|The Anna and Elsa sister duo from Frozen were the hot costume this year|
As Halloween draws to a close and many children in America, and now many parts of the world, hang up their costumes, I have begun to ruminate over several issues pertaining to Halloween and femininity.
Every year in the months leading up to All Hallows Eve, the same arguments about female costumes get tossed around social media and popular media outlets—they are too sexy, not sexy enough, the women who dress “sexy” on Halloween are just seeking attention or the argument that they are confident women validating their own sexuality.
All of these conversations are important to have, and I am quite pleased that the topic of feminism and female sexuality seem to be much more popular topics as of late. However, what I begin to find a bit confusing, and wonder if it is productive, is when we transfer these conversations to our children. Preschoolers, with little to no awareness of human sexuality or the ideas of misogyny and feminism seem to get sucked into these debates and issues through no fault of their own. And is it really helpful for these children? Does it help them think critically about the roles of females in society or does it simply confuse them?
Recently, I read a blog post from a woman whose 4-year-old daughter wanted to be Elsa from Frozen for Halloween so badly that she began to cry when her mother tried to talk her out of it. Her mother felt that Elsa was not a good feminist role model and tried to persuade her daughter to be a myriad of other feminist friendly characters, to no avail. When the mother finally relented, she asked her preschooler why she wanted to be Elsa, as though she was going to pull a feminist manifesto out of her hat. In the end, the mother was disappointed that she only wanted to wear the costume because it was pretty—and because Elsa has some sweet magical powers.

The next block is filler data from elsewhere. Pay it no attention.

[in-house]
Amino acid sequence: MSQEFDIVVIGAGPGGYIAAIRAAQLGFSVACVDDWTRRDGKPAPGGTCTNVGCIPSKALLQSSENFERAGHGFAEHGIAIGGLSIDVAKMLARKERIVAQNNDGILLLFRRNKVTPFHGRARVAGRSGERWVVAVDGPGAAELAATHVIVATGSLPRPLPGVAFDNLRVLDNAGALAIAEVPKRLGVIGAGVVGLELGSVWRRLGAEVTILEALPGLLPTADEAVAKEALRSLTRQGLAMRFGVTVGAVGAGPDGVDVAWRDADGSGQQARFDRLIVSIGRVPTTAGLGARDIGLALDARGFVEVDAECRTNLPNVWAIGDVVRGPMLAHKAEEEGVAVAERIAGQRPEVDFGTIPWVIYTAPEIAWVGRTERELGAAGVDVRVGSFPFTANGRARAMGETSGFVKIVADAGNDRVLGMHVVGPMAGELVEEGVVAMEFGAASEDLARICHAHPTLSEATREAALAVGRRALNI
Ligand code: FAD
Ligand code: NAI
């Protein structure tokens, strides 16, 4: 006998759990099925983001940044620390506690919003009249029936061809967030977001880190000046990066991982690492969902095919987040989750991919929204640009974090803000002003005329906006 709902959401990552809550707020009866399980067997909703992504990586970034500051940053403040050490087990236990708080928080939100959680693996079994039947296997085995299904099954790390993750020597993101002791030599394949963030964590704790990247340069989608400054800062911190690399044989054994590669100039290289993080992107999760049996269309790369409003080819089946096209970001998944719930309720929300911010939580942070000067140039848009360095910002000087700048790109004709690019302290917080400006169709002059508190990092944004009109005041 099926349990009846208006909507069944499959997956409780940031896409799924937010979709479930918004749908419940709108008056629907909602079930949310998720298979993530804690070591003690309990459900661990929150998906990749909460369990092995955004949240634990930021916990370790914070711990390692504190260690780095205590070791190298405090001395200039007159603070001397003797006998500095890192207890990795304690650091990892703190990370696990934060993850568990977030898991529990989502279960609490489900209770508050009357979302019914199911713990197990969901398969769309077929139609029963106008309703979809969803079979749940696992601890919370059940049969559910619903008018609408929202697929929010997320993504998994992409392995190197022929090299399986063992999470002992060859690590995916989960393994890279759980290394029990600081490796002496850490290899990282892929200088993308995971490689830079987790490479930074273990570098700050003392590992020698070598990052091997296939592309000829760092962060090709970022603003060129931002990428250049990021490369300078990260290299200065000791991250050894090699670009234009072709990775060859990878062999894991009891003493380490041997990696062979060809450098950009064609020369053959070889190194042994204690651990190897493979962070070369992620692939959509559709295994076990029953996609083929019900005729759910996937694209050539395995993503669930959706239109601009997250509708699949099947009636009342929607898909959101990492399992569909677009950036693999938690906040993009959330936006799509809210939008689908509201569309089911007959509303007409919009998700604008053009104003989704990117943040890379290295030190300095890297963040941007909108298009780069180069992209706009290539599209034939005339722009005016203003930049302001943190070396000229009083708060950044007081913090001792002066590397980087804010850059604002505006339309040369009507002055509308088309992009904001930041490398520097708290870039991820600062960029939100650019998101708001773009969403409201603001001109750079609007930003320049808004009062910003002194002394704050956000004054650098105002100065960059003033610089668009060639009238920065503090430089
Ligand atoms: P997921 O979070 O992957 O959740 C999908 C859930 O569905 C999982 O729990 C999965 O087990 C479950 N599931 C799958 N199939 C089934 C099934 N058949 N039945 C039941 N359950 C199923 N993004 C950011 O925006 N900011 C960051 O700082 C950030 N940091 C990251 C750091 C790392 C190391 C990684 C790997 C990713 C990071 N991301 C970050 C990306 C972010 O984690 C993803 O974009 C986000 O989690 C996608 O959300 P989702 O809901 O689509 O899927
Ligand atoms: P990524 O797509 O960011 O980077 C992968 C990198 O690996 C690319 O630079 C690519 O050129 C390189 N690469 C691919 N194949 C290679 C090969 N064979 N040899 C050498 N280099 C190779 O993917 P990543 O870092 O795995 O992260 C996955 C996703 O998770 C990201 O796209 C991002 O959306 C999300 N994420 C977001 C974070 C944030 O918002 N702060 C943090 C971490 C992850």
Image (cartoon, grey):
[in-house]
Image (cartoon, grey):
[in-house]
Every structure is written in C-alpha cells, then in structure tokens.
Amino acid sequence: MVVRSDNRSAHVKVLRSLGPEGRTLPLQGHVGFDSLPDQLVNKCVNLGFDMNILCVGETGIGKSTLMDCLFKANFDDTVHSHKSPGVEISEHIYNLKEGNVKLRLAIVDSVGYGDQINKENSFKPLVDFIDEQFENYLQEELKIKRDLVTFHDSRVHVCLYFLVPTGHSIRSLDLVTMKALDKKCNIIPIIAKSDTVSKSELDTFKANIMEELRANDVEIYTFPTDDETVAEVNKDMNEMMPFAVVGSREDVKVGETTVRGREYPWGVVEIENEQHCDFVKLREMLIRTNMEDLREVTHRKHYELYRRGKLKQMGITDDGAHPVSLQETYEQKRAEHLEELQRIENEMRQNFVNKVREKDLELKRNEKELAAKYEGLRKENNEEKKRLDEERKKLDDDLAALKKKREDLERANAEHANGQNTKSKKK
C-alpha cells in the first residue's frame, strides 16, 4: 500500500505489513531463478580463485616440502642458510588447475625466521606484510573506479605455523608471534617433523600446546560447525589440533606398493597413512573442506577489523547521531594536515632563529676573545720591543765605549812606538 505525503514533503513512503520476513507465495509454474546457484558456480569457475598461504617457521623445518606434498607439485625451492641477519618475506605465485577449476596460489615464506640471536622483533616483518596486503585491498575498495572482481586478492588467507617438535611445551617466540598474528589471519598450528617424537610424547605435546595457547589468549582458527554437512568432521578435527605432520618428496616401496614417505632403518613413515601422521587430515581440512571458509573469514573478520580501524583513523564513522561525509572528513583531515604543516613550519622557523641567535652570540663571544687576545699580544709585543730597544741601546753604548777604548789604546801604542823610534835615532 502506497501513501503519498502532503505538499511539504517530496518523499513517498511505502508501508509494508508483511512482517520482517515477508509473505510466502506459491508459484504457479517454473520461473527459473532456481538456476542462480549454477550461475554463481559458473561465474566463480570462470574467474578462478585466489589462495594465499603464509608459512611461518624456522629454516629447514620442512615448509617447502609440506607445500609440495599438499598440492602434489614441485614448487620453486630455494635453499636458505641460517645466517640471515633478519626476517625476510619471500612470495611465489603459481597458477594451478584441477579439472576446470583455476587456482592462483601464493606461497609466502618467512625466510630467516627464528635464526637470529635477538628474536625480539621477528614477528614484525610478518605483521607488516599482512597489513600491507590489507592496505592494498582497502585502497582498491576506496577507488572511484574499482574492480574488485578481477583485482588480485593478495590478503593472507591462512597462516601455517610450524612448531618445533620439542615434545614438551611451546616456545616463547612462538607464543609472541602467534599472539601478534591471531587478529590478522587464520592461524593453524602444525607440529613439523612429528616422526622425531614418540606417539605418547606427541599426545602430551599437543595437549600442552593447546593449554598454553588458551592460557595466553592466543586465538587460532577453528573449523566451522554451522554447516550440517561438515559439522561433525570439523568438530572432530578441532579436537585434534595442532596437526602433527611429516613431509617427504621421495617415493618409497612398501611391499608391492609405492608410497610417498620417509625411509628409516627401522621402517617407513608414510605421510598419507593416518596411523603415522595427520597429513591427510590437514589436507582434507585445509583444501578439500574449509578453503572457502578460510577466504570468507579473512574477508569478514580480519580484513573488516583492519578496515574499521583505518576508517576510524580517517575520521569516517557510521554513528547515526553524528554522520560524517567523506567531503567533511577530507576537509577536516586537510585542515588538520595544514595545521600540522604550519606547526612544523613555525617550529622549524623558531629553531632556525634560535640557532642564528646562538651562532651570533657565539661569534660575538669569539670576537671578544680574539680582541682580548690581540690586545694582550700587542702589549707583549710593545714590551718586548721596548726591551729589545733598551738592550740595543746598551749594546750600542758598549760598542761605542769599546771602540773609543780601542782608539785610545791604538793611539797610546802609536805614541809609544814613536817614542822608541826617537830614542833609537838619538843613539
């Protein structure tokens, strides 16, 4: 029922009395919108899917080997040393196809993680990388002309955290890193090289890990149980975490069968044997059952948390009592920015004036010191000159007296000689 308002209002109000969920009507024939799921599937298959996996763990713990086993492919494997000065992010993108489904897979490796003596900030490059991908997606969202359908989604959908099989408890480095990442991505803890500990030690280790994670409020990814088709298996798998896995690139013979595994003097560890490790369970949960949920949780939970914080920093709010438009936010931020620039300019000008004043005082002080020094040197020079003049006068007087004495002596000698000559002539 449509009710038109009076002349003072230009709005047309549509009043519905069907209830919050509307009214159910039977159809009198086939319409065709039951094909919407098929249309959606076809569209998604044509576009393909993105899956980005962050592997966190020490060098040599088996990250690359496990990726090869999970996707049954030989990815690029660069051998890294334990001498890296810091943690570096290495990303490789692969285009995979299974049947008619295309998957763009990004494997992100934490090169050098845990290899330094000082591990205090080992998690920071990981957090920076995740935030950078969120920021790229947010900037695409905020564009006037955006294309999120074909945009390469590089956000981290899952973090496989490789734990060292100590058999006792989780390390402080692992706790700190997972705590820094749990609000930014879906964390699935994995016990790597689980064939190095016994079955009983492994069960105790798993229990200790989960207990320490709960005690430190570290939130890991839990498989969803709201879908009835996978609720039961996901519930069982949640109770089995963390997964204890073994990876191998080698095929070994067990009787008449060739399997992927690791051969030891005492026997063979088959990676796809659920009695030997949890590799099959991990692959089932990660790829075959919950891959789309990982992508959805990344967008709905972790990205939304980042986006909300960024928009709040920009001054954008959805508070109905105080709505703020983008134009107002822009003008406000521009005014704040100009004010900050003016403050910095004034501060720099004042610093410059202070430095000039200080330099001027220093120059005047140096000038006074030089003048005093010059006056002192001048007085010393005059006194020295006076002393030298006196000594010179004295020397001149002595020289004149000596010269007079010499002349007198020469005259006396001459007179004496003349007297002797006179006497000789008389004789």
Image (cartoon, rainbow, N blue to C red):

While my own mother may have not been the paragon of the feminist movement, she still somehow managed to raise a daughter that turned out to be fiercely feminist. And she did so whilst allowing her to dress up as a princess on Halloween (on more than one occasion), sing along with Disney films and play with Barbies.
The thing is, when I was a child, things were put in context. I loved Disney movies, but I also fiercely loved Little House on the Prairie. I played with my Barbies for hours, but I still held hope that one day I would be an astronaut. It didn’t really occur to me that I couldn’t be one until a boy in my kindergarten class asserted that girls aren’t allowed to go into space. Obviously, he had never heard of Sally Ride, thankyouverymuch.
To me, I never really saw cartoons or dolls as people to aspire to live like. In fact, I didn’t see them as people at all. Sure, Barbie was beautiful and had an impossible waist to bust ratio, but since I had never met someone like that, it didn’t really occur to me that I would be expected to look that way as an adult. Similarly, I had never met anyone who had married a prince. My own mother and many mothers of my friends had jobs, so it also never crossed my mind to make it a life goal to find a man to rely on for the rest of my life.
Maybe some children do need these things broken down for them a bit more than I did, but personally, I find that what is broadcast to kids ages 9 and above a bit more concerning than 4-year-olds dressing as Disney characters. At that age, many little girls start to eschew Barbie dolls and conform to what their peers are doing. Recently, I saw a website showing “sexy” costumes for girls as young as 10 or 11, which I find far more problematic than a child wanting to be Cinderella for Halloween.
This is all not to mention the idea that some schools of feminist thought have which attempts to demonize feminine toys and clothing, steering girls toward more androgynous or masculine toys in order to help them grow up to be empowered. However, I feel that feminism means allowing your child (boy or girl) to engage in whatever dress or toy he or she finds appropriate and gravitates to, and not shaming them or going into complicated diatribes over the issue. Feminism, essentially, is about choice and thinking critically, and it shouldn’t be about feminine shaming.
I say, let your small children (boy or girl) wear their Elsa and Belle costumes if that is all their little hearts desire. Then, when they are old enough to begin to grasp the nuances behind these films, have frank conversations with them at an age-appropriate level about the messages they’re seeing in popular culture.
After all, I’m a feminist PhD candidate who wore a princess gown to her preschool Halloween parade. And I still grew up to be critical about the world around me and my place as a female in it.